The League of American Bicyclists had urged postponement of any state and local legislation legitimizing Segways until its potential benefits, risks, and impacts are more thoroughly examined. There is also a concern that once some electric motor scooters are allowed on bike paths, it opens the door to legal and illegal pressure to allow fossil-fuel powered scooters on the paths also, as has indeed been reported to have happened in California.
25. Pedestrian advocacy groups also had concerns. Walk America noted that no one should be traveling faster than the speed of pedestrians on the sidewalks. The National Center for Bicycling and Walking noted that obesity rates were already rising and people need to walk more, not less. There was concern that those with fast, heavy vehicles, like the Segway, would overpower and intimidate those walking, or enjoying sidewalks for conversation, window shopping, strolling.
These pedestrian groups have said:
· “It will diminish the use value of public sidewalks to pedestrians,
· Its introduction raises privatization and social equity issues.
· It is not just to ammmend laws to allow on sidewalks a $5000 device affordable only to the upper class individuals exclusively controlled by a single for profit vendor and his camp followers?
· There will be increasing incidents of sidewalk rage.
· Pedestrians are not regulated traffic and do not travel in a straight line. Vehicles going up to 12.5 mph should not be mixed with pedestrians.
· There is no viable way to enforce the safe operation of Segways on the sidewalk; although, they are demonstrably dangerous to operate on the sidewalk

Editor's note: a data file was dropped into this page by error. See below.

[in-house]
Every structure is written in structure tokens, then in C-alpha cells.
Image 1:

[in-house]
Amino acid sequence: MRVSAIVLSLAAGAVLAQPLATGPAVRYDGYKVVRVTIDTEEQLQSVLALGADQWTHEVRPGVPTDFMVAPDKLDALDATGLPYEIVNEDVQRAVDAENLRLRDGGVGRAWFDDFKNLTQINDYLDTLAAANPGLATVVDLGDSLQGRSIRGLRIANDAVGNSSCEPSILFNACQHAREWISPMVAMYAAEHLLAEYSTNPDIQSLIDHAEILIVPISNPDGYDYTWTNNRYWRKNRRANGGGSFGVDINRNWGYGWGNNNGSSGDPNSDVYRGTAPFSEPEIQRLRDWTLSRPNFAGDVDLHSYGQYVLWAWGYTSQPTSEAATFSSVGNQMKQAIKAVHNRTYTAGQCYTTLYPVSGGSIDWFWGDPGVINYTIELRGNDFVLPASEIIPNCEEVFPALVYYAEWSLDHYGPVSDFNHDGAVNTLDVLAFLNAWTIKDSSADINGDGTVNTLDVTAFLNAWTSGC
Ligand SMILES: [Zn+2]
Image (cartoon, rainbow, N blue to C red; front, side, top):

· There is no way to expect police to enforce a speed limit on the sidewalk. It is difficult enough for them to enforce the speed limits on our roads.
· Redefining the accepted definition of "pedestrian" for the benefit of a single company is outrageously inappropriate. While I agree it is an extreme analogy, this could lead to other redefinitions, such as redefining "bicycle" to include Harley motorcycles; so that, they could use bicycle lanes.”
28. More on Regulations:
The City of Toronto already regulates bicyclists, pedestrians, couriers and motor vehicles. If Segways are approved for sidewalk use then is it not reasonable that Segways probably will have to be similarly regulated? How does the Toronto Works Committees propose doing this because the natural and parallel linkage between “approvals” is “regulations”? Or are the citizens of Toronto to believe that the Segway owners as a group are capable of self-regulation in the same way that snowmobilers, dirt track bikers, skateboarders and ATV owners believe themselves capable of self-regulation?
Lets be realistic any approval of the Segway will cause some problems as it competes with pedestrians, bicyclists, and motor vehicle drivers for space on the existing transportation grids i.e. roads, sidewalks and trails and the extremely wide range of conditions that the Segway can affect. They span from densely crowded city sidewalks to wide shouldered rural highways, from urban playgrounds to vast park preserves. Speed and space conflicts, and the rights and obligations between pedestrians, bicyclists, motorists and Segway users are issues needing examination.
Municipalities and the province already regulate bicyclists, pedestrians and motor vehicles; so, it stands to reason that Segways probably will have to be similarly regulated. The task is to know enough about the Segway’s ramifications to assure reasonable control while not inadvertently stifling this technology.
Our group, Innovative Mobility believes that:
a.) Some group must initiate and pay for Segways operating within existing pedestrian transportation system and their users, with a view to devising model regulations on usage.
b.) There be studies to see if safety equipment such as reflectors, running lights and mirrors are appropriate under conditions such as night operation on sidewalks and when speed governors may be appropriate in pedestrian environments or for classes of users such as children.
c.) Some interim restrictions be put in place whereby Segways be governed by regulations already in place for pedestrian and bicyclist use on public rights-of-way including, sidewalks, streets, trails, and road shoulders, and use on public lands such as parks, playgrounds, and preserves.
And all this for the benefit of some Segway.com franchisee and a group of elite people who can afford the $5000 purchase price for the Segway?